10. Hey, how many people think I should choose the music at the Linc during Eagles games? Forget the vapid dance-pop they play now. This is football, not a 12-year-old's bowling party. There's nothing worse than watching the defense run on the field to that "I drove my car into a bridge" song. You really think that's going to intimidate the Redskins? We'll go Iron Maiden, Scorpions, Motorhead, Pantera, Megadeth, Metallica, Uriah Heep and Ozzy. If you agree, contact the Eagles at 1 NovaCare Way, Philadelphia, Pa., 19145.

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5 possible breakout candidates for Eagles in 2018

5 possible breakout candidates for Eagles in 2018

In the 2017 Super Bowl season, Nelson Agholor went from first-round bust to legitimate dangerous weapon. 

There’s no question that he was the breakout performer from the 2017 season, although there were plenty of other candidates. What Agholor did last season, catching 62 passes for 768 yards and eight touchdowns, was remarkable. 

With Agholor’s performance last year in mind, let’s take a look ahead at five candidates to have a breakout season in 2018:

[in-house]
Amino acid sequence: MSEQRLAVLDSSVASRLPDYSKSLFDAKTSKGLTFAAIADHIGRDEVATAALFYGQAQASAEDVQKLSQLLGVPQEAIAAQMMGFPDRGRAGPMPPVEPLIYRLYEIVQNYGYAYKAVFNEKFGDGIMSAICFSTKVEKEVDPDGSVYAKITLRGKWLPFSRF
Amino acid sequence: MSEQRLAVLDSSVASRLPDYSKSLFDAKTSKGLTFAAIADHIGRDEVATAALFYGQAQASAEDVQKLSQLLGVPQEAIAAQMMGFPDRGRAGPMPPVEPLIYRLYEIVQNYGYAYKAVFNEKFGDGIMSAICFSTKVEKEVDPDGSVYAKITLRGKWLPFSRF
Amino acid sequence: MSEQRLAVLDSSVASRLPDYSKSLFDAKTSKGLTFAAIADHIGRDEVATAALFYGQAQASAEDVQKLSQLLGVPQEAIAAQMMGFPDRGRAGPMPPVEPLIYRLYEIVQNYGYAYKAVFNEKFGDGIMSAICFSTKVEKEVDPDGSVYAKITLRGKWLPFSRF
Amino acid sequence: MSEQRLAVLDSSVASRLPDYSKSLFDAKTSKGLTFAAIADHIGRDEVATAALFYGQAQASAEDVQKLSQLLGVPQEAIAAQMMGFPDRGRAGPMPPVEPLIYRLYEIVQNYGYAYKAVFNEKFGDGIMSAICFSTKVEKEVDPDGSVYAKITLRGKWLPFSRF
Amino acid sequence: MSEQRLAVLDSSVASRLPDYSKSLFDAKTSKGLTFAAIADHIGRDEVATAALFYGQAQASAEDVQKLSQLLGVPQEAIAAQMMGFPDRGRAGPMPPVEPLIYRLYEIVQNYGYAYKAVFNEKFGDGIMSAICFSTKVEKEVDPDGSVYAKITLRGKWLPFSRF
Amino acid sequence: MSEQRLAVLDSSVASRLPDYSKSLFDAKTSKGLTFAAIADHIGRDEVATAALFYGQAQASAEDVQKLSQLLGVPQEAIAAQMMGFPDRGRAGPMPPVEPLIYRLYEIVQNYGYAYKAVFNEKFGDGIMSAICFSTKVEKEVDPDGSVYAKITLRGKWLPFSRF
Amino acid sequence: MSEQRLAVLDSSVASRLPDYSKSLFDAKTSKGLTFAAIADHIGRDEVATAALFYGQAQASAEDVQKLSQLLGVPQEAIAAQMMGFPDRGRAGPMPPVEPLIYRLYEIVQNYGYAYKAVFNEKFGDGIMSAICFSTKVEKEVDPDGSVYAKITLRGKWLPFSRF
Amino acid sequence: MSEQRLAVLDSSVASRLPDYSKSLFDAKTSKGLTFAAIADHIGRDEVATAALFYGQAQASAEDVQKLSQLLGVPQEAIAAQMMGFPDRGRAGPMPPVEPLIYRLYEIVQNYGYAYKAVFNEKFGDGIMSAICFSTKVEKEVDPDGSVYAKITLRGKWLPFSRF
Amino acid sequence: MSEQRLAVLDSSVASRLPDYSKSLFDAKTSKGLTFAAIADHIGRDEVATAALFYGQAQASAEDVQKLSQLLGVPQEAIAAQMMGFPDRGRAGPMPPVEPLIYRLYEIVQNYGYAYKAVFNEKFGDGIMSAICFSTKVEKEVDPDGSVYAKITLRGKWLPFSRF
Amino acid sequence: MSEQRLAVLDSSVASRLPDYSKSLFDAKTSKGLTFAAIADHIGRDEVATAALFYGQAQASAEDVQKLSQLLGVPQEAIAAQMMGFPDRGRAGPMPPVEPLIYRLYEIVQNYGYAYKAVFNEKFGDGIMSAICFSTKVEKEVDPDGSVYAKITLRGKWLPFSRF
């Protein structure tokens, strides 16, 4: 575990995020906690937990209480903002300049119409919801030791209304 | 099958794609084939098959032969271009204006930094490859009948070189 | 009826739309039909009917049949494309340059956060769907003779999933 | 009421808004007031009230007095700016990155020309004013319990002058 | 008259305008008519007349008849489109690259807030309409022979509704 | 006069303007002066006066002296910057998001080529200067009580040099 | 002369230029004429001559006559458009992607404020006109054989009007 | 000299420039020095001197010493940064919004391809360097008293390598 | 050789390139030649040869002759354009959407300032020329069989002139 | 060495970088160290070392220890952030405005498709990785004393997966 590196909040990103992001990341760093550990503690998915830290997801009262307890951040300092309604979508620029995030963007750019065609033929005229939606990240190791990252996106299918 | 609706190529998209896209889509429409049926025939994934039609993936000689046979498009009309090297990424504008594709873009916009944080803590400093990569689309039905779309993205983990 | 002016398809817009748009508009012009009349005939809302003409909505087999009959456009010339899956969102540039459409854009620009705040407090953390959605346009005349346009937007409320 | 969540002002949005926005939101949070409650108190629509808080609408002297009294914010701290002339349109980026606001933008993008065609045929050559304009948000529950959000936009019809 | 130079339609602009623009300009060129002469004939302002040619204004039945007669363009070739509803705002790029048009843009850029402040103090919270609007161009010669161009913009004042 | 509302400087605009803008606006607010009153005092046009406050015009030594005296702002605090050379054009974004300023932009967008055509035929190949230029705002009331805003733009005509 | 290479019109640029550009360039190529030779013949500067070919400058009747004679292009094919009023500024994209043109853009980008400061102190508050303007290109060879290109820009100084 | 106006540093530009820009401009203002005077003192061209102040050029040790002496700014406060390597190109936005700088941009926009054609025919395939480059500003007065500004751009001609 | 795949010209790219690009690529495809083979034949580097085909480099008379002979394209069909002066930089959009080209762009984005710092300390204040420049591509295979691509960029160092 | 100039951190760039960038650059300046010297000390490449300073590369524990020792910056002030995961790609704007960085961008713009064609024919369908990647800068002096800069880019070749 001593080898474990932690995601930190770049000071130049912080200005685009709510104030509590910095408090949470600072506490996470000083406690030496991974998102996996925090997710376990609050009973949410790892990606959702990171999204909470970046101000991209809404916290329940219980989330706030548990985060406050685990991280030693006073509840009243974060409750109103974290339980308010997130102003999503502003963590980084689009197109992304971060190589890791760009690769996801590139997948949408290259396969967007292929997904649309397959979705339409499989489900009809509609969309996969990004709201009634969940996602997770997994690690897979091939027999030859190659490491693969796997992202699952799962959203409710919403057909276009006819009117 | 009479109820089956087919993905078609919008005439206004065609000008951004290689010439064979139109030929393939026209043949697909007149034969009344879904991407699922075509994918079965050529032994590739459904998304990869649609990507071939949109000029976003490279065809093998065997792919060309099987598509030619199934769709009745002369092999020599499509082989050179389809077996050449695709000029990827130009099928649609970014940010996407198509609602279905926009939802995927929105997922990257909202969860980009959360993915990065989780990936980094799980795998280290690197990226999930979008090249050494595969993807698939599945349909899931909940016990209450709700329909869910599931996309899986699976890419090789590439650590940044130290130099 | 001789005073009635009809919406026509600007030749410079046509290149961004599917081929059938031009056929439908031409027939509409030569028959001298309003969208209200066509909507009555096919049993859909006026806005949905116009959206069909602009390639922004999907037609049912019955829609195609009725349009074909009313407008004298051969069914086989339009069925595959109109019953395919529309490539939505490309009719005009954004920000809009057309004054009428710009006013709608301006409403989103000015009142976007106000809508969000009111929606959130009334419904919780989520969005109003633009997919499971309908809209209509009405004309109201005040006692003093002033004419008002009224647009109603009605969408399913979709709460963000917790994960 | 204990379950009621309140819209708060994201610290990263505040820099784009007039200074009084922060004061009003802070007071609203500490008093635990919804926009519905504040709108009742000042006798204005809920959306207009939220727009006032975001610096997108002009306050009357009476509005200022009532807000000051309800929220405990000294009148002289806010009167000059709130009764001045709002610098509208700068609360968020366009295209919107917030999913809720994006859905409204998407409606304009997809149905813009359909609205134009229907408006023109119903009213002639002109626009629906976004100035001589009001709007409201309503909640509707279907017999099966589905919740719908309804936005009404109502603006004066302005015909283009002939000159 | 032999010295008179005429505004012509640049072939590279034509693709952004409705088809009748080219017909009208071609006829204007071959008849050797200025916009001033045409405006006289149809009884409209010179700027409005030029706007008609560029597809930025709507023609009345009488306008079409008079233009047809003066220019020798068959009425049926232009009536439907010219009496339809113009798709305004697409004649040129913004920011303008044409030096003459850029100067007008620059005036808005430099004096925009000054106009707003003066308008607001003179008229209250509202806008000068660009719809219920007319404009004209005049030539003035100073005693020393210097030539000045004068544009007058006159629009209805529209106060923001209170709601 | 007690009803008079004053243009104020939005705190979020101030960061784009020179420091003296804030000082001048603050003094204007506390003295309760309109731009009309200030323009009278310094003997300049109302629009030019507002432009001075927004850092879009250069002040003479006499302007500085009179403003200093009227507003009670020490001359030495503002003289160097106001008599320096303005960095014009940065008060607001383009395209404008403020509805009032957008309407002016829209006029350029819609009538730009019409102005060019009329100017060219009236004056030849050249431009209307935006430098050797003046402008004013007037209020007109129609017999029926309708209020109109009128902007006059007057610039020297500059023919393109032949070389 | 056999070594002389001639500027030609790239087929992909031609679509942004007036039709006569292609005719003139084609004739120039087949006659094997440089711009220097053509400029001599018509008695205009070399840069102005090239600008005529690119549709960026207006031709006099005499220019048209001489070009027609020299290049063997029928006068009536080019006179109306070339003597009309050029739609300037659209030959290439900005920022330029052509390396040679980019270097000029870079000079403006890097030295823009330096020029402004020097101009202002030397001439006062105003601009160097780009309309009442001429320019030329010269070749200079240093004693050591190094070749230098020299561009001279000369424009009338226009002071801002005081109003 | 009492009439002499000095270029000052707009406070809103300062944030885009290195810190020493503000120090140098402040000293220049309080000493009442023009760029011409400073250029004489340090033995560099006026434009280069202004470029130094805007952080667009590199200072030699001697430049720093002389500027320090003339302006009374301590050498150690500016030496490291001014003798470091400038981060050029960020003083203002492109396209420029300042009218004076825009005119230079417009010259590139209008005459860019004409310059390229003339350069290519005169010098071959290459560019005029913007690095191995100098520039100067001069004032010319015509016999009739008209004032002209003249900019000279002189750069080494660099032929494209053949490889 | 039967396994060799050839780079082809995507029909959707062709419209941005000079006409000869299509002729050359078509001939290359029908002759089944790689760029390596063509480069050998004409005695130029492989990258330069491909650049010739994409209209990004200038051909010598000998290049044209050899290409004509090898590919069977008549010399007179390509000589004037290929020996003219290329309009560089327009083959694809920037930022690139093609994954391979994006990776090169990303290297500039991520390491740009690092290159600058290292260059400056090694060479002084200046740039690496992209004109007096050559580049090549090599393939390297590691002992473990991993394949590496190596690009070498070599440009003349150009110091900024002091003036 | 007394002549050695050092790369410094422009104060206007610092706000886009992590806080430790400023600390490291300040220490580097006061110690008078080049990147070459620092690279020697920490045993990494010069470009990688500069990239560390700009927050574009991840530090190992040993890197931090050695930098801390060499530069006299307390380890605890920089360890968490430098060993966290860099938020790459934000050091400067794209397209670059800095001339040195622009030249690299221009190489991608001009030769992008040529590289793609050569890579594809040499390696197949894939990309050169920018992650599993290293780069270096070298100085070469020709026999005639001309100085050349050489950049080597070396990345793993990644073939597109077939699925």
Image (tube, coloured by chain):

Dallas Goedert
He’s a rookie tight end in a system that’s incredibly demanding on tight ends, he’s behind a Pro Bowler on the depth chart and he’s coming from the FCS. That doesn’t sound like a promising combination for picking a breakout player. But Goedert could end up being an impact player. 

While he went to South Dakota State, he played in a complex college offense. And even though he’s behind Zach Ertz on the depth chart, there’s still going to be plenty of opportunity with Trey Burton and Brent Celek gone. There might be a learning curve, but Goedert has a chance to make an impact immediately, especially in the red zone, where his athleticism ought to take over (see story)

Derek Barnett